A magazine is a publication a periodical publication, printed or electronically published. Magazines are published on a regular schedule and contain a variety of content, they are financed by advertising, by a purchase price, by prepaid subscriptions, or a combination of the three. At its root, the word "magazine" refers to a storage location. In the case of written publication, it is a collection of written articles; this explains why magazine publications share the word root with gunpowder magazines, artillery magazines, firearms magazines, and, in French, retail stores such as department stores. By definition, a magazine paginates with each issue starting at page three, with the standard sizing being 8 3⁄8 in × 10 7⁄8 in. However, in the technical sense a journal has continuous pagination throughout a volume, thus Business Week, which starts each issue anew with page one, is a magazine, but the Journal of Business Communication, which starts each volume with the winter issue and continues the same sequence of pagination throughout the coterminous year, is a journal.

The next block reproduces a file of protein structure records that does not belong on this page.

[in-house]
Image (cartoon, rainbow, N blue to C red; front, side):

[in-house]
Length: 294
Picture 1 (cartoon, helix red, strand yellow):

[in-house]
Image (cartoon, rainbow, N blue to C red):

Some professional or trade publications are peer-reviewed, an example being the Journal of Accountancy. Academic or professional publications that are not peer-reviewed are professional magazines; that a publication calls itself a journal does not make it a journal in the technical sense. Magazines can be distributed through the mail, through sales by newsstands, bookstores, or other vendors, or through free distribution at selected pick-up locations; the subscription business models for distribution fall into three main categories. In this model, the magazine is sold to readers for a price, either on a per-issue basis or by subscription, where an annual fee or monthly price is paid and issues are sent by post to readers. Paid circulation allows for defined readership statistics; this means that there is no cover price and issues are given away, for example in street dispensers, airline, or included with other products or publications. Because this model involves giving issues away to unspecific populations, the statistics only entail the number of issues distributed, not who reads them.